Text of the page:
EARTH uses near-real-time data from ocean observatories to design and test outreach with the Internet as an interface to scientists, teachers, students, and the public. Click here for more information on the EARTH program.
A requirement of the application process is to trial an EARTH lesson, complete the feedback rubric (word version), and mail the rubric to George Matsumoto (mageATmbariDOTorg). The application should include your completed rubric and a short cover letter stating what grade level(s) and topic(s) you teach and why you would like to be selected for this workshop.
EARTH 2013 • July 14 – July 19 • University of Hawaii • Honolulu, HI
Hosted by MBARI, C-DEBI, and C-MORE
July 14th–July 19th, 2013: The 2013 EARTH workshop was held at the University of Hawaii; the focus of this workshop was on MBARI's CANON program (http://www.mbari.org/canon/) and Microbial Oceanography (http://www.darkenergybiosphere.org/ and http://cmore.soest.hawaii.edu/).
EARTH 2013: C-MORE & C-DEBI
Featured Activity [New!]:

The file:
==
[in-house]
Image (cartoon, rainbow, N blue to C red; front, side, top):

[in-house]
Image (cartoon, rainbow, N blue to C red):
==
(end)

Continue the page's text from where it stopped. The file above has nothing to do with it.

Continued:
Microalgae: Blooms Gone Wild!
Following an introduction of the general types and characteristics of microalgae, students will analyze near real time data that reflects algae concentrations and conditions that might foster that development. By the conclusion of the lesson, students will be able to make educated predictions of potential for algae development given a set of environmental conditions.
Previous Featured Activity:
Ocean Acidification: Is There a Problem?
Ocean Acidification is a current topic in the ocean and climate news. Students will utilize a guided WebQuest to research the possible future effects of ocean acidification, explore current models used to predict the changes in the ocean’s pH and discuss the current data collection for research.
Full-hemisphere views of the Earth from GOES (Geostationary
Operational Environmental Satellites).
GOES satellites are built by NASA and operated by NOAA.
EARTH logo designed by Jennifer Trask, 2003